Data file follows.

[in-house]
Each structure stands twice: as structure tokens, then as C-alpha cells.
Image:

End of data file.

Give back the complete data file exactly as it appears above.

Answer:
[in-house]
Each structure stands twice: as structure tokens, then as C-alpha cells.
Image: